The Ohio Supreme Court has recently ruled that a pregnant woman does not have any special exception to a company policy which holds that an employee must be employed for 6 months before they can obtain any leave from their employment. In the case of McFee v. Nursing Care Mgt. of Am., Inc., the plaintiff was employed by a nursing home company that had a policy that stated that all employees had to be on the job for at least 6 months before they were entitled to any paid leave. However, the plaintiff ended up getting pregnant before she was employed for 6 months, and when the employer would not give her pregnancy leave, she sued the employer claiming that she was being discriminated against for being a woman. The lower appellate court held that Ohio law required all employers to provide all employees with a reasonable period of time for maternity leave - and thus held that the nursing home had discriminated against the plaintiff. However, the Ohio Supreme Court held that because the employer had a gender neutral policy which required that all employees be on the job for at least 6 months before they get any leave, the fact that the employer would not give the plaintiff maternity leave did not constitute sex discrimination.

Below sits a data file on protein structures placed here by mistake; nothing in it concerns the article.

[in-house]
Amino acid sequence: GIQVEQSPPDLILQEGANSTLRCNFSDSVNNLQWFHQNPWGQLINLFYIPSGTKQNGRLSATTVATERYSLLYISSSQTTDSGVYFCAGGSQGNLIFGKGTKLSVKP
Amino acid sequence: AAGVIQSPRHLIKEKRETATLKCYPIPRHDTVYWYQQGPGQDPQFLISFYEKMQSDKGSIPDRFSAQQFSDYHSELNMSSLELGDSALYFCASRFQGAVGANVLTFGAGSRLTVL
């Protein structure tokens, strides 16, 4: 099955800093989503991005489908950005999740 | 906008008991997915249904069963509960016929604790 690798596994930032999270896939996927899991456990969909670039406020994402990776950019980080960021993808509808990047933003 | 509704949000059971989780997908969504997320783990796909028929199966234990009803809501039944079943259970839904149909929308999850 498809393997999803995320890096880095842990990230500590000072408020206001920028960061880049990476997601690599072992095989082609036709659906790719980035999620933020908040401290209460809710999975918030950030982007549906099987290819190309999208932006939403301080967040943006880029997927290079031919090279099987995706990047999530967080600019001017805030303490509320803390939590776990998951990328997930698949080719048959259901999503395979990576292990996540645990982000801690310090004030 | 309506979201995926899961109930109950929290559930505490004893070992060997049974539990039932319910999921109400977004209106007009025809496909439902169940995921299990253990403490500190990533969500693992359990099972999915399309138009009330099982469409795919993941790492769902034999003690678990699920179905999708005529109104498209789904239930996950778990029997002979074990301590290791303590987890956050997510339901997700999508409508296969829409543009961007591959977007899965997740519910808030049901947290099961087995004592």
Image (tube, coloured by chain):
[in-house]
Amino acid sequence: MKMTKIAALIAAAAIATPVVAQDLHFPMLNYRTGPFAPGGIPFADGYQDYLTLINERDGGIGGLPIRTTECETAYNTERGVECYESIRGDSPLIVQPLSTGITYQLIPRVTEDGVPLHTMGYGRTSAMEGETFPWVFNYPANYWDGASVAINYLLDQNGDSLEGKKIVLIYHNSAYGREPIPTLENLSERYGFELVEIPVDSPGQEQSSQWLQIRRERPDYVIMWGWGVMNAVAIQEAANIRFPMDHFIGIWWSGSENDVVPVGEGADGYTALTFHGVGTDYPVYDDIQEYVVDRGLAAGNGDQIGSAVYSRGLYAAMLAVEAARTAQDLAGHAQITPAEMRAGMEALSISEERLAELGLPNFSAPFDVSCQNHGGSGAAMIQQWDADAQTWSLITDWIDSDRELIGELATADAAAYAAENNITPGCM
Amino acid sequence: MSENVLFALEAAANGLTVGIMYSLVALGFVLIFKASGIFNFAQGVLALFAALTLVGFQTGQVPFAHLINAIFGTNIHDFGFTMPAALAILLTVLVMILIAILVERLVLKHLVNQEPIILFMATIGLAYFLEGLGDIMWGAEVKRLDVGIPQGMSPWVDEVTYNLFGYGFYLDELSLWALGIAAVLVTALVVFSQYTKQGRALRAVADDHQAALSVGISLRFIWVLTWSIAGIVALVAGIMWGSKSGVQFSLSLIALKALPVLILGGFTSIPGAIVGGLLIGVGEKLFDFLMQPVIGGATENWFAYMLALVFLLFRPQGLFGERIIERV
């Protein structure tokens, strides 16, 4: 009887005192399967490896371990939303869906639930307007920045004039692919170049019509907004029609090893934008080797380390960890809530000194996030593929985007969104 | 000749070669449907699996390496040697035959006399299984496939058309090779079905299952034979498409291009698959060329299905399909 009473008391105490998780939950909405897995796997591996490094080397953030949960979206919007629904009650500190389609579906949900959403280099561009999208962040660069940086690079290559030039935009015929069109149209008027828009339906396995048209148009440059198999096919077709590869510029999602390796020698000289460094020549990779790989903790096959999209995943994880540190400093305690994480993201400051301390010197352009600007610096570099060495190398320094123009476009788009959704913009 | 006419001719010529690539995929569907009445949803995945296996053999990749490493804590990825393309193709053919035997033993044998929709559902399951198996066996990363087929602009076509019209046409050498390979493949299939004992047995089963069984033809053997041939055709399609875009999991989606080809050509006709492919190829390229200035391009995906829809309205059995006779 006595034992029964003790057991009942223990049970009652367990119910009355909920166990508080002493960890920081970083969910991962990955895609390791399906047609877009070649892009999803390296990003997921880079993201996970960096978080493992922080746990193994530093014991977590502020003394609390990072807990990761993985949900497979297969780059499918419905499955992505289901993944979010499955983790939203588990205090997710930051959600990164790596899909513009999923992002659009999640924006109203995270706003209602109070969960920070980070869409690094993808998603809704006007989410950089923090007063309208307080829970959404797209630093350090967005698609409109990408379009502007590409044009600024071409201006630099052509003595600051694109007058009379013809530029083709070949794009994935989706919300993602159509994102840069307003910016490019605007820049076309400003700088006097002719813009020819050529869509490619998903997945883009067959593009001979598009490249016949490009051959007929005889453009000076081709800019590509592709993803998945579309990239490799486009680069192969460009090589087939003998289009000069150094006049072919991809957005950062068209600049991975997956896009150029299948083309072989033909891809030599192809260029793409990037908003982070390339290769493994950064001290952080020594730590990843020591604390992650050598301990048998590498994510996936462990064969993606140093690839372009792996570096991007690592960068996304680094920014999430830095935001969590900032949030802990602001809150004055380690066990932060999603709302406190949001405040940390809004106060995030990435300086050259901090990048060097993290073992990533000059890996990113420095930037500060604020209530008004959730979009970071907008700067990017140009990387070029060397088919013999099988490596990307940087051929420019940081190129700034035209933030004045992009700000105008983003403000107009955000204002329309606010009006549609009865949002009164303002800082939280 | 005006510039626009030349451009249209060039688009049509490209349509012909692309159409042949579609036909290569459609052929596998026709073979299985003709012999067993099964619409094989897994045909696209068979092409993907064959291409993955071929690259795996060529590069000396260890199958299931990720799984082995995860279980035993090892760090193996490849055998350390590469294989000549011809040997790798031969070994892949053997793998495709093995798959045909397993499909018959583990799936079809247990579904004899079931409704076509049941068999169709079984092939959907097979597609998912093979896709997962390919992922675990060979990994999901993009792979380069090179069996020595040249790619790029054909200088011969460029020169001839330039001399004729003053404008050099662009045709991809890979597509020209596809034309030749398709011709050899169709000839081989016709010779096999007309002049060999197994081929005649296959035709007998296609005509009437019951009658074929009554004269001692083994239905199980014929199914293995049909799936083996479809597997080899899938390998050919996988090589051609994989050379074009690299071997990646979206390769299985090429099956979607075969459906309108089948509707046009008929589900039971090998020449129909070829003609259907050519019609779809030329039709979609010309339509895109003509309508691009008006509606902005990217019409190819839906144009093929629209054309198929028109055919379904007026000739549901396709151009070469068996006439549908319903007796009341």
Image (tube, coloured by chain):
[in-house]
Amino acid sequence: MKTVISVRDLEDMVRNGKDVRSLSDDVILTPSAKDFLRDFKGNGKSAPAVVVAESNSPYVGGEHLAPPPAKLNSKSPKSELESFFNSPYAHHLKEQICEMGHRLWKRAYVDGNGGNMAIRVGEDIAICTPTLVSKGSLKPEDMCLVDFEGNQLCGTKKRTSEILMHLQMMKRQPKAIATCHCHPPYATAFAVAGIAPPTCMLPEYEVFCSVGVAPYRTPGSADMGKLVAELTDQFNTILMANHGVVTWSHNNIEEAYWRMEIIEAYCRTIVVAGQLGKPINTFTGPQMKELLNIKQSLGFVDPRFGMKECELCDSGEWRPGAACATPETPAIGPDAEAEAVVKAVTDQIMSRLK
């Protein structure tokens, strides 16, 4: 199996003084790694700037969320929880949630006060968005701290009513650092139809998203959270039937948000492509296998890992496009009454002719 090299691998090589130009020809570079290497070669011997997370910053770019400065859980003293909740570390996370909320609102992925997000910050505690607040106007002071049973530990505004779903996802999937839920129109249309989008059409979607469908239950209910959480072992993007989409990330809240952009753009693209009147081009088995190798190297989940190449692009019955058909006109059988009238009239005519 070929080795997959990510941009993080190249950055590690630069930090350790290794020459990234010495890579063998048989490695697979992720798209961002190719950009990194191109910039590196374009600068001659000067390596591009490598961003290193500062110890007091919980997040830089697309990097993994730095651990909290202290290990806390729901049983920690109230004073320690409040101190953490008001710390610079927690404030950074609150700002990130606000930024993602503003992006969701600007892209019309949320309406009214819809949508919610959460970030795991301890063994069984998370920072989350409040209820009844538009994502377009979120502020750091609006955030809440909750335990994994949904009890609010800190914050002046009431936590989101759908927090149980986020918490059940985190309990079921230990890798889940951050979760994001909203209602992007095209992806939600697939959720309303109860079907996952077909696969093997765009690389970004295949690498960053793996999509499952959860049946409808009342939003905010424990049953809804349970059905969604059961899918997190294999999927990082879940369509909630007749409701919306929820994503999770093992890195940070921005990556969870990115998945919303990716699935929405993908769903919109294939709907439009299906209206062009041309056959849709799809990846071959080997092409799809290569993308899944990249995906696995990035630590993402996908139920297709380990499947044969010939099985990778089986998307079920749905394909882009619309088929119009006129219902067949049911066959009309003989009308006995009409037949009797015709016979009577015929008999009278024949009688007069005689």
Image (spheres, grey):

Woman (and for that matter - men) need to read their employee manual when they accept a new job.